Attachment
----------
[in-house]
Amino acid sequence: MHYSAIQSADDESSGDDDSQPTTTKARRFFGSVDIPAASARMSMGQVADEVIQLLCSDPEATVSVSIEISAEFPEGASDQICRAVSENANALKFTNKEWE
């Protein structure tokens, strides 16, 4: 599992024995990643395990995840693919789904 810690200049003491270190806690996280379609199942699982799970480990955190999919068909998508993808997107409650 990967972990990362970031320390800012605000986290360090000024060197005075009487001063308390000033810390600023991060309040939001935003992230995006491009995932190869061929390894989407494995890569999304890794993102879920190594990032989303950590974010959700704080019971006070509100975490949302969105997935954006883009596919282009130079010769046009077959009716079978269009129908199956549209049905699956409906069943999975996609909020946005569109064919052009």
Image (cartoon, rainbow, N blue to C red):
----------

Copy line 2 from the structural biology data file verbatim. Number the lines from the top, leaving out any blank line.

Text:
Amino acid sequence: MHYSAIQSADDESSGDDDSQPTTTKARRFFGSVDIPAASARMSMGQVADEVIQLLCSDPEATVSVSIEISAEFPEGASDQICRAVSENANALKFTNKEWE